The scramble down the base was my least favorite part......that darn loose crap again.....only fell three times.....but one of those doesn't count. My climbing shoes smell horrible after they have been used.....who would think girls could have such stinky feet....but mine were! I big gust of wind came along and gave me a good whiff of my stinky shoes, complicated even more with my body odor at this point and I think the combination of those two nasty smells just blew me right off my feet! (so I'm thinking that fall doesn't count as a fall!) The rest of the hike out was on the trail and went as trail hiking tends to go....pretty status quo there. We watched the sunset on Weaver's Needle from Fremont Saddle. I had my point and shoot camera and no tripod with me so the photos are far from remarkable. (haven't yet figure out how to manage the camera while climbing and with all the gear) We did the hike down Peralta in the dark which was rather enjoyable after such an amazing day. Pete showed me that my headlamp could be worn around my waist and that I had a wide angle lens on it. These two things made the night hike great fun because the light was stable and I could move my head around without losing the light.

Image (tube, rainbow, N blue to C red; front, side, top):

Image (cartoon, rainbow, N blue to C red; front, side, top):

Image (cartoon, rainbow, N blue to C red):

Great day, amazing adventure.................I feel reconnected with the Superstitions once again.
Thanks Pete---you rock!